UBC Theses and Dissertations
Three-layer control strategy for LLC converters : large-signal, small-signal, and steady-state operation Mohammadi, Mehdi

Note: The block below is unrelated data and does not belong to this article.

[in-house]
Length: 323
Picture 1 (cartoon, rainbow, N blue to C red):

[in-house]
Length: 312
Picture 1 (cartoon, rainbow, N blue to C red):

Resonant converters, particularly LLC converters, feature low switching losses and electromagnetic interference (EMI), and high power density and efficiency. As a result, they have been widely used in DC/DC applications. Although LLC converters naturally provide soft switching conditions and therefore, produce relatively less switching losses, conduction losses in their rectifier have remained a barrier to achieving higher efficiencies. Moreover, the analysis of LLC converters is complicated since they process the electrical energy through a high-frequency resonant tank that causes excessive nonlinearity. The issue of this complexity becomes even worse since, in reality, the resonant frequency of such converters deviates due to variations in the temperature, operating frequency, load, and manufacturing tolerances. This complexity has caused: a) limited research on large-signal modeling and control of LLC converters to be performed (this leads to uncertain large-signal transient behavior and sluggish dynamic/recovery response), b) limited insight into small-signal modeling of LLC converters (this often leads to low accuracy), c) unregulated LLC converters not to operate in their optimum operating point (this leads to degraded efficiency and gain), d) conduction losses in the LLC rectifier to remain the main challenge to achieve higher efficiency. To address the above concerns, in this dissertation, a three-layer control strategy is introduced. Based on the need, all the three layers or just one of them can be used when implementing the LLC converter. The three-layer control strategy produces accurate and fast dynamics during start-up, sudden load or reference changes with near zero voltage overshoot in the start-up, obtains a near zero steady-state error by employing a second-order average small-signal model valid below, at, and above resonance, improves efficiency by a new synchronous rectification technique, and also tracks the series resonant frequency in unregulated DC/DC applications.
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